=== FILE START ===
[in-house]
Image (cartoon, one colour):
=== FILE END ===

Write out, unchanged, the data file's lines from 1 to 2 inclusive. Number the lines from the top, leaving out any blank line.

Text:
[in-house]
Image (cartoon, one colour):